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Self-Monitoring of Gaze in High Functioning Autism
ARTICLE

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Journal of Autism and Developmental Disorders Volume 42, Number 8, ISSN 0162-3257

Abstract

Atypical visual behaviour has been recently proposed to account for much of social misunderstanding in autism. Using an eye-tracking system and a gaze-contingent lens display, the present study explores self-monitoring of eye motion in two conditions: free visual exploration and guided exploration via blurring the visual field except for the focal area of vision. During these conditions, thirteen students with High Functioning Autism Spectrum Disorders (HFASD) and fourteen typical individuals were presented naturalistic and interactive social stimuli using virtual reality. Fixation data showed a weaker modulation of eye movements according to the conditions in the HFASD group, thus suggesting impairments in self-monitoring of gaze. Moreover, the gaze-contingent lens induced a visual behaviour whereby social understanding scores were correlated with the time spent gazing at faces. The device could be useful for treating gaze monitoring deficiencies in HFASD.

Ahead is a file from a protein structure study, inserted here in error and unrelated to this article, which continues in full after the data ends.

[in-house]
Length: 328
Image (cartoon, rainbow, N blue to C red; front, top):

Citation

Grynszpan, O., Nadel, J., Martin, J.C., Simonin, J., Bailleul, P., Wang, Y., Gepner, D., Le Barillier, F. & Constant, J. (2012). Self-Monitoring of Gaze in High Functioning Autism. Journal of Autism and Developmental Disorders, 42(8), 1642-1650. Retrieved September 17, 2019 from .

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Keywords